'As I talk to everyone. You have heard me say the same things many a time. I simply declare my opinion that the end of literary work-- unless one is a man of genius--is to secure comfort and repute. This doesn't seem to me very scandalous. But Mrs Reardon was perhaps too urgent in repeating such views to her husband. She saw that in my case they were likely to have solid results, and it was a misery to her that Reardon couldn't or wouldn't work in the same practical way.
'And you are inclined to blame me?'
'No; because I am so sure that you only spoke in the way natural to you, without a thought of such consequences.'
'That's precisely the truth. Nearly all men who have their way to make think as I do, but most feel obliged to adopt a false tone, to talk about literary conscientiousness, and so on. I simply say what I think, with no pretences. I should like to be conscientious, but it's a luxury I can't afford. I've told you all this often enough, you know.'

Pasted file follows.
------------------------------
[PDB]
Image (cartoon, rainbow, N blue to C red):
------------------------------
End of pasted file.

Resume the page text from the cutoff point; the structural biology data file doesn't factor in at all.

'But it hasn't been morally injurious to you,' he said with a laugh.
'Not at all. Still I don't like it.'
Jasper was startled. He gazed at her. Ought he, then, to have dealt with her less frankly? Had he been mistaken in thinking that the unusual openness of his talk was attractive to her? She spoke with quite unaccustomed decision; indeed, he had noticed from her entrance that there was something unfamiliar in her way of conversing. She was so much more self-possessed than of wont, and did not seem to treat him with the same deference, the same subdual of her own personality.
'You don't like it?' he repeated calmly. 'It has become rather tiresome to you?'
This article is from a submission and does not represent an emotional stance. If infringement occurs, please contact us：http://ajhac.gofo123.com/news/4492c499140.html